An example based on personal transformation.
We go through our own personal transformation all the time.
Think about the last time you got a new phone. The stages are exactly the same. The process is well documented and is written about in countless change and management publications, blogs and papers.
The process goes something like this:
“I don’t need a new phone”
“They’re really expensive”
“They’re much harder to use”
“I only use my phone for x, y and z anyway”
“There are too many choices”
“What about all of my data and pictures of little Billy?”
“What if I don’t like it?”
“What if it’s too big/small?”
“What the heck does that noise mean?”
“What is this new button layout?”
“How can I find my calendar app?”
“I knew I shouldn’t have done this. I hate it!!”
“This is the BEST phone I have ever had!!!”
“Why didn’t I do this sooner?”
“I can take better pictures”
“I can message faster
“I’ll never miss another appointment”
“I can just tell it what to do!!”
“I was looking at my old phone the other day it is so big and heavy”
“The apps run so slowly compared to my new one”
“Why did I wait so long???!!!”
Then the process starts all over again. This is the way things are. We cannot change our DNA, but we can be aware of it and manage the natural instincts by ensuring that our culture enables and promotes the right way of working.
Real digital transformation is about being more adaptive to change and accepting it as the default state.
The three “people-hurdles.”
There are generally 3 ways in which your people are going to become hurdles to your transformation and if we can understand how that happens, we can address it head-on and ensure that transformation doesn’t fail.
1. Missing the Innovation Mindset.
Key Reason number #1 and the biggest most frequent barrier to transformation.
Your people do not have an innovation mindset.
This is the most common reason that companies fall behind the technology curve. The kind of mindset needed for transformation is one that embraces change, rewards innovation, takes risks, learns quickly from mistakes and is highly collaborative.
How to create an innovation mindset.
So how can you promote the innovation mindset?
How can you get your people to operate and think in an entirely new way?
Firstly, you need to help people see the benefits of change. This can only come from showing them and letting them see for themselves the positive outcomes from digital initiatives which have already been delivered.
The way we leverage the positive results of change and disseminate this around the organisation is critical to spreading and promoting the innovation mindset.
You should look to introduce incentives for being more innovative. This will start to get people thinking and working with a more innovative mindset.
You can start by incentivising the measures covered in the next section that relate to changing what your people do.
Change what your people do and measure it.
Firstly, changing what people actually do is critical to instilling the innovation mindset. It’s pointless to expect different outcomes if what they are doing and the way they approach their day to day lives in the company stay the same.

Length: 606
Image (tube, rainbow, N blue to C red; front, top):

Some ideas around activity measures or input measures are as follows:
- Generating ideas
- participation in sprints/hackathons
- contributing to innovation program development
- attending conferences/meetup/meetings
- Contribute to innovation surveys or customer research,
- Courses or workshops taken
All of the above will serve to change the way that people prioritise daily life within the business, and keep innovation at the forefront of their minds.
Some ideas around measuring output are as follows:
The next type of measure are the outcomes or outputs that come from working innovatively. These measures need to make it clear that it is everyone’s responsibility to be involved with digital initiatives:
- Building prototypes
- Running experiments
- Collecting Data
- Engaging people in initiatives
- The results of courses or workshops
Some ideas around hard measures are as follows:
Thirdly and the most important are the hard measures. The actual business outcomes that your people achieve through working more innovatively.
- products to market
- customer # generated
- revenue generated
- sign ups
- cost savings
- time savings
Construct environments and provide access to tools that promote:
- Cross-functional collaboration
- Sharing progress
- Move away from any waterfall project planning.
- Implement lean/agile or an iterative methodology
- Start using Design Thinking principles
2. False logic.
The second way that people become barriers is that they operate with false logic.
Here’s the logic:
“this is the way we’ve always done it so there must be a good reason for it”
And this assertion causes resistance.
How to counter false logic.
The simple way to deal with this is to trace the logic back to its root cause and publish the findings.
If you can show people that their logic is false, then the resistance should dissipate.
3. Poor accountability.
The final way the people become barriers to transformation is because of poor accountability.
What we’re talking about here is the accountability between the actions of staff and the success of the company. This is critical for a digitally mature organisation.